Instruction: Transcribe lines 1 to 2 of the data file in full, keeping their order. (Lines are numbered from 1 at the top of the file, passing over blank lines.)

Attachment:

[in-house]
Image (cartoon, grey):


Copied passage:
[in-house]
Image (cartoon, grey):